If it weren't so painful to watch the calculated posturing of self-interested politicians, Americans might relish what occurred in Washington this week. Congress reached a bipartisan budget deal that could signal the beginning of an epic political shift that ends the tea-party movement's domination of the Republican Party. Then again, maybe not. It's too early to tell.
Perhaps eager to head home for the holidays, tea-steeped lawmakers didn't drag out their fight to prevent the compromise from passing. They and some of the moneybags political groups that finance their campaigns have promised retaliation, however. And after a congressional recess, the fearful may again toe the line.
But the meek sure sounded bold this week. House Speaker John Boehner, who too often has bowed to the tea drinkers, stood up for the deal, brokered by Republican House Budget Committee Chairman Paul Ryan and Democratic Senate Budget Committee Chairwoman Patty Murray. "I don't care what they do," Boehner said of conservative groups opposing the legislation.
With Boehner finally showing some backbone, the House overwhelmingly voted for the budget agreement, 332-94, a week ago. The Senate followed suit Wednesday with a 64-36 vote. That welcome result was signaled on Monday, when 12 Republicans joined 55 Democrats to exceed the 60-vote threshold needed to allow the bill to be approved by a simple majority.
The budget pact avoids scheduled "sequester" cuts in defense and domestic spending over the next two years, making up those funds with other cuts spread out over 10 years. Sen. Marco Rubio, who has shed the centrist mantle he once wore as a champion of immigration reform, said Congress can't be trusted to make cuts later. But the Florida Republican's opposition appeared to be more tacking to the right in preparation for a presidential campaign.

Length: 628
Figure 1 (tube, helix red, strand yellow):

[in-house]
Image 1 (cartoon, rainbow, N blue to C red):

Other Republicans and Democrats also seemed to have elections in mind when they criticized the deal for trimming future cost-of-living pension increases for military retirees under 62. Sen. John McCain (R., Ariz.) called them out Wednesday, noting that some of the same senators had praised the Simpson-Bowles deficit reduction plan, which suggested ending cost-of-living adjustments for all military retirees.
In the end, bipartisanship won. But how long will the victory last? During the hours-long quorum call on the budget deal, Republican senator after Republican senator, including McCain, stood up to assail the Affordable Care Act, as if that law were up for yet another vote. Days earlier, Ryan warned that Republicans might block another debt-ceiling hike in February unless more spending is cut.
That could mean another government shutdown. After all, President Obama has vowed never again to negotiate while the nation's borrowing power needs to be increased. But Republicans may be less likely to dig in their heels again. They still feel the sting of the public's disgust at the last shutdown. That's why they backed off and let this budget pass, and why there's hope that bipartisanship will win again.